The Director-General of the World Health Organization(WHO) is facing calls to resign over the bungled response to COVID-19. But who exactly is the doctor leading the WHO? Dr. Tedros Adhanom Ghebreyesus has a background that raises a lot of questions.
There are some disturbing things about the 55-year old who was selected for the top job at the WHO in May 2017 that seem to have been skipped by the Media(D).
The more mundane facts about Dr. Tedros are that he was born in 1965 in Asmara, which was part of Ethiopia at the time but is now in Eritrea. He is married and has five children. When he was a child himself, he watched as his younger brother die from what he believes to have been the measles. The preventable death of his brother is what he says spurred him to work on health and health policy.
1. He Is Not Actually A Medical Doctor
Dr. Tedros is the first African Director-General to be appointed to the WHO, and the first in its 72-year history to not be a medical doctor. He has never practiced as a medical doctor. His doctorate degree is in philosophy in community health and he holds a master of science in the immunology of infectious diseases.
Dr Tedros left Ethiopia and came to the UK where he studied at the London School of Hygiene & Tropical Medicine, graduating with Masters of Science in Immunology of Infectious Diseases in 1992.
Source: Daily Mail
2. He Is A Far-Left Politician Who Was Part Of A Brutal Regime
During his bid for the $260,000 a year job as the head of the WHO, Dr. Tedros was serving as Ethiopia’s health minister and had served as foreign minister.
He vowed to make universal healthcare his central priority if he managed to become the World Health Organization’s Director-General. Dr. Tedros hired a public relations firm to help him clinch the top job at the WHO.
In the mid-1980s, Dr. Tedros graduated from university and went to work for a Marxist dictator as Health Minister.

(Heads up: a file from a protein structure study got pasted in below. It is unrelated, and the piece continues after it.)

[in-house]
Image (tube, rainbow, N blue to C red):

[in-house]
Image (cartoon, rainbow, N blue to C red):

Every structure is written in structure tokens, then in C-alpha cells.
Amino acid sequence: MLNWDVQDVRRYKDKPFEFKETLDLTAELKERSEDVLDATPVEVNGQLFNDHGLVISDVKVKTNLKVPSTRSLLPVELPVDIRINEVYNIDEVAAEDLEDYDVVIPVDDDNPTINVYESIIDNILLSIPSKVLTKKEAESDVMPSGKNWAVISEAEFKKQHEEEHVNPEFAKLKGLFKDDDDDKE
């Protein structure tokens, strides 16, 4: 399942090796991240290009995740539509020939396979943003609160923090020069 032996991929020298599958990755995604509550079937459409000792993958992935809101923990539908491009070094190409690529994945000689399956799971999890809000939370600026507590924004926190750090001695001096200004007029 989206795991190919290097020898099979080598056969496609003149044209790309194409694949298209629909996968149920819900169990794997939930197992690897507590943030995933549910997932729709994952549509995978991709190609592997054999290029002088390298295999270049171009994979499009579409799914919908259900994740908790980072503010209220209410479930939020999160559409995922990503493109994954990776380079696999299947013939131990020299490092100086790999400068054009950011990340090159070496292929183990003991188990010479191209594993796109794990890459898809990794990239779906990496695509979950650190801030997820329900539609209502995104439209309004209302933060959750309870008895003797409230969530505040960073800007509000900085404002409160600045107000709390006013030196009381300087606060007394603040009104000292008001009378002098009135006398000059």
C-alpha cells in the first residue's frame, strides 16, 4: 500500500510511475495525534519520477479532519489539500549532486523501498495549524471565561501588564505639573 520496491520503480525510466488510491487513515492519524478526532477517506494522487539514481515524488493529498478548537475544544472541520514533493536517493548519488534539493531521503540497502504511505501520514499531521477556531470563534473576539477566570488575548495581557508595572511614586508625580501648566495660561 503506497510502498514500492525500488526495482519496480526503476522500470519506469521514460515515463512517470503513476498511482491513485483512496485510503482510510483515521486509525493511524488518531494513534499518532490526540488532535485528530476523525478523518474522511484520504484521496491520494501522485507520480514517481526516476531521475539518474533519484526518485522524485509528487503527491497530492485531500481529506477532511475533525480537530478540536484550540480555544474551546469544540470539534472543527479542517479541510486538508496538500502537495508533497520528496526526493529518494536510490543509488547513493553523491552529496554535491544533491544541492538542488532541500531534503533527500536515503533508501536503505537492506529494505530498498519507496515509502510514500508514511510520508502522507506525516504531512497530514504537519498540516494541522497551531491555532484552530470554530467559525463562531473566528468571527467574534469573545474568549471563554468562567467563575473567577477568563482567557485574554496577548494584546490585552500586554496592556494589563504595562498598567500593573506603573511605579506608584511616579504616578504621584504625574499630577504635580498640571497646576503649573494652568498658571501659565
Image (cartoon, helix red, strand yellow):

Later, after the dictatorship was overthrown, he joined the Tigray People’s Liberation Front, which was listed as a terrorist organization by the U.S. government in the 1990s.
He graduated from university in Ethiopia in 1986 with a degree in biology and went to work as a health official in the regime of Marxist dictator Mengistu Haile Mariam, while the country was ruled by the Derg military junta.
According to the BBC, Dr Tedros then joined the hard-left TPLF – which started life as a Communist party and played a major role in overthrowing Mariam in 1991. It later became part of the EPRDF, a coalition of left-wing parties that ruled Ethiopia until last year.
Source: Daily Mail
In 2010, Dr. Tedros served as the Number 3 in executive leadership in the Ethiopian Peoples’ Revolutionary Democratic Front. During the election that year, the EPRDF won all but 1 of the 547 seats in the legislature.
As foreign minister from 2012 and 2016, Tedros became the face of a government that human rights groups accused of systematic torture, disappearances and repression of the media and civil society. In Ethiopia’s controversial 2015 general elections, Tedros’ ruling EPRDF declared that it won all 547 seats of legislature amid reports of continued repression.
Source: Quartz Africa
In 2016, while Dr. Tedros was the Foreign Minister, he got into a public fight with Human Rights Watch for reporting on the EPRDF’s brutal attacks on their own citizens.
3. He Has Exhibited Very Poor Judgment
That has been made very clear in the way that the WHO has bungled the COVID-19 response and continues to cover for China and push Chinese propaganda.
In October 2017, Dr. Tedros tried to appoint Robert Mugabe as a “goodwill ambassador” for the WHO–which should tell you all that you need to know. He’s apparently not a great judge of character and is completely tone-deaf.
The plan by World Health Organization (WHO) director-general to appoint Zimbabwe president Robert Mugabe as a goodwill ambassador has backfired and been rescinded after an international outcry…
…Mugabe, 93, one of the longest serving leaders in the world, seems a particularly unusual appointment for goodwill ambassador, given his high profile as the leader of a government with a poor record of democratic freedoms.
Critics were particularly offended at the idea that Mugabe was appointed because of his contributions to public health given the collapse of Zimbabwe’s healthcare system under his watch, along with the country’s economy in recent years. Mugabe, along with several others African leaders, has long trips abroad for medical treatment.
Source: Quartz Africa
The Times UK reported that the appointment of Mugabe as goodwill ambassador was to appease China, a long-time supporter of Mugabe, for using its influence to have Dr. Tedros elected Director-General.